The bottom line, said Levine, is that this is uncharted territory. ‘No one really knows what’s going to happen.’”

To view the article in full, click here.

Legal Times “Supreme Court Stays Above Economic Fray – for Now”
By Tony Mauro
October 1, 2008

 

NYLS Faculty: Professor David Schoenbrod
Subject: Supreme Court’s non-involvement in Economic Crisis

“As the nation’s stunning financial crisis competed with a riveting presidential election campaign for Washington, D.C.’s attention last week, the other branch of government – the Supreme Court – remained blithely uninvolved.

…Handing off huge gobs of power to the executive branch also can raise issues of unconstitutional delegation of authority. After the Depression, the Court invoked that doctrine in Schechter Poultry Corp. v. United States, the so-called ‘sick chicken’ case. The Court struck down the National Industrial Recovery Act on grounds that it delegated too much power to the executive, declaring that ‘extraordinary conditions, such as an economic crisis, may call for extraordinary remedies, but they cannot create or enlarge constitutional power.’

That was then. The current Court is much more open to letting Congress delegate its traditional powers to the executive branch, says New York Law School professor David Schoenbrod, author of a book on the doctrine. He is also a visiting scholar at the American Enterprise Institute.”

To view the article in full, click here.

preLaw, “Best Public Interest Law Schools”
By Michelle Weyenberg
Fall 2008

 

New York Law School
Subject: New York Law School Named in “Best Public Interest Law Schools” List

 

New York Law School was recently named as one of the “Best Law Schools for Public Interest Law” in the fall 2008 edition of preLaw magazine; of the 75 law schools that made the list, New York Law School ranked 15th.

From the article:

“Today, more students want to work in the public interest field than in the last 15 years. By the time these students are getting to law school, many are already infected with the ‘public interest bug,’ said David Stern, chief executive officer for Equal Justice Works.

…To compile the rankings of the Best Law Schools for Public Interest Law, The National Jurist used a scoring system based on a 100-point scale to assign point values to law schools in three equally weighted categories–student involvement, curriculum, and financial factors.”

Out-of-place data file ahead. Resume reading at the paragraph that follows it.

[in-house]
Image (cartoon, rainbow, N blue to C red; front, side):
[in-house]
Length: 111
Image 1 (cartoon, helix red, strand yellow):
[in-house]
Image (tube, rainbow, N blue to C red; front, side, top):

To view the article in full, pick up the Fall 2008 edition of preLaw magazine.

The New York Post, “One Party Wasn’t Always a Problem”
By R.B. Bernstein
October 12, 2008

 

NYLS Faculty: Adjunct Professor R.B. Bernstein
Subject: The possibility of Democratic control in the Presidency and Congress

“For the first time since 1993, a new presidential term may open with the Presidency, the House of Representatives, and the Senate in the hands of the Democrats. Although pundits argue that this is a prescription for government run amok, American history suggests that this is not always the case.”

To view the article in full, click here.

BusinessWeek, “Lehman: One Big Derivatives Mess”
By Matthew Goldstein and David Henry
October 8, 2008

 

NYLS Faculty: Professor Kenneth Kettering
Subject: Lehman Brothers

“In 2003, legendary investor Warren E. Buffett called derivatives ‘weapons of mass destruction.’ Buffett predicted that the complex financial instruments would morph, mutate, and multiply ‘until some event makes their toxicity clear.’ The failure of Lehman Brothers (LEHMQ) may have been the disaster he imagined.

…It turns out that Lehman, like other big dealers, was running a perfectly legal but highly risky game moving money from firm to firm. It used the collateral from one trading partner to fund more deals with other firms. The same $100 million collected in one deal can be used for many other transactions. ‘Firms basically can use [the money] as their own collateral for anything they want,’ says Kenneth Kettering, a former derivatives lawyer and currently a professor at New York Law School. But when the contracts terminate as the result of bankruptcy, the extra collateral is supposed to be returned.’”

To view the article in full, click here.

The Chronicle for Higher Education, “Company’s Lawsuit Over Free Scholarly Organization Tool Generates Buzz”
By Jeffrey R. Young
October 3, 2008

 

NYLS Faculty: Professor James Grimmelmann
Subject: Thomson Reuter’s Lawsuit against George Mason University

“…Even if the lawsuit has merit, the approach of suing rather than working out a deal with the university is terrible public relations in an academic community that values openness, said James Grimmelmann, an associate professor of law at New York Law School who wrote about the issue on his blog. ‘Using lawsuits like this to squelch a freely shared and very valued piece of software has very terrible PR effects,’ he said in an interview with The Chronicle this week. ‘This is exactly the wrong way to sell to an audience that cares about sharing.’

To view the article in full, click here.

            Newsweek, “A Lawyer’s New Jefferson Memorial: The next chapter in the Hemings saga”
By Jennie Yabroff
October 13, 2008

 

NYLS Faculty: Professor Annette Gordon-Reed
Subject: Her new book “The Hemingses of Monticello”

“…That early, firsthand experience with the interplay of race and history informs much of Gordon-Reed’s work, including her compulsively readable new book, ‘The Hemingses of Monticello,’ in which she traces the family history of Sally Hemings, the slave who had a 38-year relationship with Thomas Jefferson. …she is best known for 1997’s groundbreaking ‘Thomas Jefferson and Sally Hemings: An American Controversy,’ which examined historians’ treatment of the Jefferson-Hemings liaison, and made a strong case that Jefferson fathered seven children with Hemings. DNA testing a year after the book came out vindicated Gordon-Reed’s assertion, and made her book a cause célèbre among Jefferson scholars.”